Not as equal as we think

Not as equal as we think

We are Australia’s poor cousins, that we all know.   EvenTasmanians, the poorest Australians, earn on average more than 10% per weekthan we do.   While we know we are poorer we like to think that sometimes we haveother worthy attributes.   We are less inclined to invade foreign countries alongsideour traditional allies.   We think we are greener – our per capita carbondioxide emissions are less than half that of Australia’s.   We also like tothink that we have a more equal society.     Greater equality is a popular perceptionbut is incorrect if income distribution is our measure of equality.

Australia has considerably lower income inequality than New Zealand according to OECD measures.   The Social Report from the Ministry of Social Developmentscites OECD statistics which show that in the early 2000s New Zealand had the 18th most unequal distribution of income among 25 OECD countries.   Amongthe major English speaking countries Canada and Australia have the lowestinequality and only the United States has higher inequality than New Zealand.

The OECD figures show that before tax household income ismore equitably distributed in Aussie than New Zealand.   But what about aftertax and family benefits? Does our tax and benefit system even out thedisparities more so than the Australian system?  

Let’s begin by looking at a single person with two kidsunder five, working full time in New Zealand on the minimum wage.   Earningabout NZ$23,000, their net income in New Zealand after tax and family benefitswould be about NZ$28,800.   If the same person earned the equivalent market incomeacross the ditch their net income would be NZ$34,100, a whopping 18% higherthan in New Zealand.   A high differential in net incomes between the twocountries occurs over much of the income spectrum. On an income of NZ$100,000the differential drops slightly to 17% but it falls off significantly onincomes exceeding the six figure mark.   By NZ$150,000 the difference is 6% andon incomes over NZ$240,000 it pays to be in New Zealand as the higher top taxbracket in Australia comes into effect.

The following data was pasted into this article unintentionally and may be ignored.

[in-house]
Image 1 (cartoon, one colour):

Having looked at the numbers, the question of whether Australia’stax and welfare system is more progressive than ours is all but irrelevant as justabout everybody, except the super wealthy, pay less tax and receive a greaterfamily benefit   in Australia.   The combined impact of much higher before taxearnings in Australia (probably in the order of about 30%) with more favourabletax and benefits means total net earnings are enormously higher across theTasman.  

Lower-middle and middle income households have enjoyedsignificant increases in net incomes due to tax and welfare changes on bothsides of the Tasman in recent years.   Australia has passed the fruits ofeconomic growth to working people through tax cuts which encourage growth asthe rewards for work are higher.   Higher economic growth means higher incomesin the future.   In New Zealand the major handout arising from higher governmentrevenues is from Working for Families.   Although the scheme has given a boostto the incomes of lower-middle and middle income households will it helpsustain income growth in the future?  

With a keen eye on equity, the Working for Families benefitsdecline as income rises.   Although reducing inequality it can also reduce the incentiveto work harder as the more you earn the less benefit you receive. There areeven some instances in which individuals perversely earn less by workingharder.   An individual with two young kids earning the minimum wage and working34 hours a week will take home NZ$36,297 after tax and Working for Familiespayments.   If that person increased their hours to 37 a week they would takehome NZ$20 less.   This person needs to pay the state NZ$20 a year to work anextra three hours every week.

The above example is an extreme, but many families currentlybenefitting from Working Families will face the dilemma of a reduced benefit inreturn for striving to earn more.   The recent decline in the number of woman inthe workforce is a likely consequence of the disincentive created by Workingfor Families.   Discouraging people to work inhibits our economy and its abilityto offer all New Zealanders a higher standard of living.

While New Zealand has a less equitable distribution of incomethan Australia the more important issue is that we are all, rich and poor alike,so much worse off than our cousins across the Tasman.   The lift in income thatWorking for Families has given to lower-middle and middle income households islaudable but the disincentive to work it creates will reduce our ability tosustainably lift incomes of all households. An overzealous pursuit of equitywill only achieve a more even spread of low incomes which is cold comfort toall the Kiwis eying those good jobs across the ditch.

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